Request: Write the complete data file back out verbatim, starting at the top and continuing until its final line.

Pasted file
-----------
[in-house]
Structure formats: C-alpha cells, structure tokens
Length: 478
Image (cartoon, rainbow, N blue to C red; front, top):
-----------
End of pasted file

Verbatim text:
[in-house]
Structure formats: C-alpha cells, structure tokens
Length: 478
Image (cartoon, rainbow, N blue to C red; front, top):